"We believe that this is a moment where we are invited by God to commit ourselves to be instruments of change in the church and the wider society," participants in an international conference on 'Churches against Racism' said yesterday (17 June).
The message was read in the presence of Queen Beatrix of the Netherlands during a closing worship service.
The comments come a week after UK voters elected two members of the racist British National Party (BNP) to the European Parliament and just a day after attacks on Romanian migrants in Northern Ireland which forced 20 families to flee from their homes and take refuge in a church.
During the conference on racism, the General Secretary of the World Council of Churches, the Rev Dr Samuel Kobia, said that the Bible is the "ultimate immigration handbook".
"We believe God is calling members of the church to action with and on behalf of the marginalized, the poor and the many who face exclusion," the message from the conference said.
"The global economic crisis, climate change and systemic exclusion - generating desperation and increased migration", were described as the elements of a "three-fold crisis" creating a need and an opportunity for change.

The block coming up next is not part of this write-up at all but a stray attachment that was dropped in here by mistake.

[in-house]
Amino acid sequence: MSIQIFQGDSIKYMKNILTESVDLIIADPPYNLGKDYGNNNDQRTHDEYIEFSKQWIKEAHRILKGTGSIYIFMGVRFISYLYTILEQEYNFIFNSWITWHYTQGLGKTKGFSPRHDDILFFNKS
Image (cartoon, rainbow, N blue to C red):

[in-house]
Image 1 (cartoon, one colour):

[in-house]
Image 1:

The participants looked at the problems faced by migrants and minority groups such as the Roma in Europe.
There are between 7 and 9 million Roma people in Europe. They face widespread prejudice in many countries and particularly in Romania — where estimates of their numbers vary between 500,000 and 2 million.
Since Romania joined the EU in 2007, thousands of Roma have moved west to richer European countries, where many live in squalid camps with no access to health services, education, basic sanitary facilities or jobs.
The conference also looked at discrimination based on the colour of one's skin, at the disregard for land rights of indigenous peoples and at Dalits being treated as "untouchables" in India.
Some 50 church leaders, activists and theologians attended the international conference which was organized by the WCC in cooperation with the Council of Churches in the Netherlands, the association of migrant churches in the Netherlands (SKIN), the missionary and diaconal agency KerkinActie, the Interchurch Organisation for Development Cooperation (ICCO) and the ecumenical advocacy group Oikos.
It is expected that theologically founded strategies and networks to advocate against racism within society and the church will arise from the conference.